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A Cure for Discrimination? Affirmative Action and the Case of California Proposition 209

  • Caitlin Knowles Myers

    ()

Proposition 209, enacted in California in 1996 and made effective the following year, ended state affirmative action programs not only in education, but also for public employment and government contracting. This paper uses CPS data and triple difference techniques to take advantage of the natural experiment presented by this change in state law to gauge the labor market impacts of ending affirmative action programs. Employment among women and minorities dropped sharply, a change that was nearly completely explained by a decline in participation rather than by increases in unemployment. This decline suggests that either affirmative action programs in California had been inefficient or that they failed to create lasting change in prejudicial attitudes.

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File URL: http://www.middlebury.edu/services/econ/repec/mdl/ancoec/0525.pdf
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Paper provided by Middlebury College, Department of Economics in its series Middlebury College Working Paper Series with number 0525.

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Length: 31 pages
Date of creation: Sep 2005
Date of revision:
Handle: RePEc:mdl:mdlpap:0525
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  1. Orley Ashenfelter & James J. Heckman, 1974. "Measuring the Effect of an Anti-Discrimination Program," NBER Working Papers 0050, National Bureau of Economic Research, Inc.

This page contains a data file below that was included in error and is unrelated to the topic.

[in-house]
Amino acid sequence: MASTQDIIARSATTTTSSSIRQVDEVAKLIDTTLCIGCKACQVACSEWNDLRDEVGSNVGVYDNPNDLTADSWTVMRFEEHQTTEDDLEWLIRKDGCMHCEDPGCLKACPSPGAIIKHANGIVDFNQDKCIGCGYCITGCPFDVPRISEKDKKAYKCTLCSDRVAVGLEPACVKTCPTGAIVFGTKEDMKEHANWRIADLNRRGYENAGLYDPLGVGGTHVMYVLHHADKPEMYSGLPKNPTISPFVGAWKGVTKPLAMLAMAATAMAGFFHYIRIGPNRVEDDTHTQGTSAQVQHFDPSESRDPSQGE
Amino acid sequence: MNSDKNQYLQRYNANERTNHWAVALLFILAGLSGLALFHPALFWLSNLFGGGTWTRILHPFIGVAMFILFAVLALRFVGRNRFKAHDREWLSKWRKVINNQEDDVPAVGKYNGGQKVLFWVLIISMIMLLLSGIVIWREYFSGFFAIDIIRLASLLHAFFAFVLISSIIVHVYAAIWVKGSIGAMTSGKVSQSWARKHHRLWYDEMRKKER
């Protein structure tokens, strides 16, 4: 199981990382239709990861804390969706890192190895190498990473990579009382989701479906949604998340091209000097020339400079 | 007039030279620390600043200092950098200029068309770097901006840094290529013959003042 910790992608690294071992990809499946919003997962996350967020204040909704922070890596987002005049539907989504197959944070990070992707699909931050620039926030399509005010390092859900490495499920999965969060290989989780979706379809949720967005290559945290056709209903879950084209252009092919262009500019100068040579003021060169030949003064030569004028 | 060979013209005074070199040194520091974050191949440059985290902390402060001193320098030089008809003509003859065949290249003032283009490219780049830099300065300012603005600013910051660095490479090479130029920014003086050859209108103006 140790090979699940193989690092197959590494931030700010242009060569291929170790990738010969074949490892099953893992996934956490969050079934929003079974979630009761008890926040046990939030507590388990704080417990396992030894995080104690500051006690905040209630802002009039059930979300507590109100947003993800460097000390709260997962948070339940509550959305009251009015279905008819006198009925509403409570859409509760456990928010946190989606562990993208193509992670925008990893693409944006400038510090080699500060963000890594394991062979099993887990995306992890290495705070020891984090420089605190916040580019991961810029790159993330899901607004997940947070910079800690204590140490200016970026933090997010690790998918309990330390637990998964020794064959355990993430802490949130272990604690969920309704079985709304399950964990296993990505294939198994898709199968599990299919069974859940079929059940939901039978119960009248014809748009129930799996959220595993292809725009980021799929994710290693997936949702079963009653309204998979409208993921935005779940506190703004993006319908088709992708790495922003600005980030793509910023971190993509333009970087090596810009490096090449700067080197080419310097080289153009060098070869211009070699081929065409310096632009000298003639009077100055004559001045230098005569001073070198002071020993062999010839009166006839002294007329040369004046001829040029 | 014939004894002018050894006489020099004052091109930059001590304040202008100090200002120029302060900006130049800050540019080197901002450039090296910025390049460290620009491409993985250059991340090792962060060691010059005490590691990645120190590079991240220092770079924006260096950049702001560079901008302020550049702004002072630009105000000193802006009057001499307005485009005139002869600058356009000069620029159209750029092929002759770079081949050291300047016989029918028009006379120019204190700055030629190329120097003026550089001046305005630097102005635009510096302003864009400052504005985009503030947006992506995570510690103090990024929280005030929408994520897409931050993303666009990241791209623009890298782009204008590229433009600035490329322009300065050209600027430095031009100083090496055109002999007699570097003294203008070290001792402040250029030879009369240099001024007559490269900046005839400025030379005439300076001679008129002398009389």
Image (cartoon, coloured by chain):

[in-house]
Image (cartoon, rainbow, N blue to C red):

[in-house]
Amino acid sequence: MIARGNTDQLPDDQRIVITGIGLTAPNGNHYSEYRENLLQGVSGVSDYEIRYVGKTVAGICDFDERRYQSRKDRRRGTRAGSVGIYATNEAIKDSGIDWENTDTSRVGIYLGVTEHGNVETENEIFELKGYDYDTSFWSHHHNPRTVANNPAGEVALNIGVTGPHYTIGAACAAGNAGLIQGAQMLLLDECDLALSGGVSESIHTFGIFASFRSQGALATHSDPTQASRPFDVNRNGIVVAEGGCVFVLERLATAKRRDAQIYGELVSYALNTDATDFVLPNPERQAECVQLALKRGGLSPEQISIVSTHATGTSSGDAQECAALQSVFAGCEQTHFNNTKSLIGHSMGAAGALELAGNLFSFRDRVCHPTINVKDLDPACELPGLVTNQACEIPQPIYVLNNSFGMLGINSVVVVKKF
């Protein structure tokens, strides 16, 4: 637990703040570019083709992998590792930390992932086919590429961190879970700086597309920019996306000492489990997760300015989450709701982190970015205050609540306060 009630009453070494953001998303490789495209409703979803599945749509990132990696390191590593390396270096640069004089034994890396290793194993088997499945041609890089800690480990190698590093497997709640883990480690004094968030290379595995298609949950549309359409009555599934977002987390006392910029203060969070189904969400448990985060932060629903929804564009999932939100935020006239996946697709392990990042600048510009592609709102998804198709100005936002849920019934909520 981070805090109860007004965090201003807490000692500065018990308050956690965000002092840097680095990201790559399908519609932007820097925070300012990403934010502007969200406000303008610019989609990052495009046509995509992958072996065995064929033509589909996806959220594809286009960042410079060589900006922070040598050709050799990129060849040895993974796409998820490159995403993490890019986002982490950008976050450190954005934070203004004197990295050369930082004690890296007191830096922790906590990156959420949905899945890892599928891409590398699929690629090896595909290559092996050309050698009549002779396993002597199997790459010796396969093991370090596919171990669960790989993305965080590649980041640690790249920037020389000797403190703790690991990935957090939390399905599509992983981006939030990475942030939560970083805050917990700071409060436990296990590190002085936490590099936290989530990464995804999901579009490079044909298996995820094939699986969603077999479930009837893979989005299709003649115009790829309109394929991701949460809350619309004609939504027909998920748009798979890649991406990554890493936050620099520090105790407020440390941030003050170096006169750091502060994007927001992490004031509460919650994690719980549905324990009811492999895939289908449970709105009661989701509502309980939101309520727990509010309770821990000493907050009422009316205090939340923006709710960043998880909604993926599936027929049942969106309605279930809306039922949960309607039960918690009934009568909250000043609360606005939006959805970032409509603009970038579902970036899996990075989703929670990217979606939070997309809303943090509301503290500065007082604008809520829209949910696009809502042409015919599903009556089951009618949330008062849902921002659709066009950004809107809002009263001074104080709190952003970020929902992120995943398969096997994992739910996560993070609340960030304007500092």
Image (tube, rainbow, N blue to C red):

2. Susan Athey, 1998. "Mentoring and Diversity," Working papers 98-2, Massachusetts Institute of Technology (MIT), Department of Economics.
  3. H. Holzer & D. Neumark, . "Are affirmative action hires less qualified? Evidence from employer-employee data on new hires," Institute for Research on Poverty Discussion Papers 1113-96, University of Wisconsin Institute for Research on Poverty.
  4. Gruber, Jonathan, 1994. "The Incidence of Mandated Maternity Benefits," American Economic Review, American Economic Association, vol. 84(3), pages 622-41, June.
  5. Morris Goldstein & Robert S. Smith, 1976. "The estimated impact of the antidiscrimination program aimed at federal contractors," Industrial and Labor Relations Review, ILR Review, Cornell University, ILR School, vol. 29(4), pages 523-543, July.
  6. Coate, Stephen & Loury, Glenn C, 1993. "Will Affirmative-Action Policies Eliminate Negative Stereotypes?," American Economic Review, American Economic Association, vol. 83(5), pages 1220-40, December.
  7. Ai, Chunrong & Norton, Edward C., 2003. "Interaction terms in logit and probit models," Economics Letters, Elsevier, vol. 80(1), pages 123-129, July.
  8. Smith, James P & Welch, Finis, 1984. "Affirmative Action and Labor Markets," Journal of Labor Economics, University of Chicago Press, vol. 2(2), pages 269-301, April.
  9. Mincer, Jacob, 1976. "Unemployment Effects of Minimum Wages," Journal of Political Economy, University of Chicago Press, vol. 84(4), pages S87-104, August.
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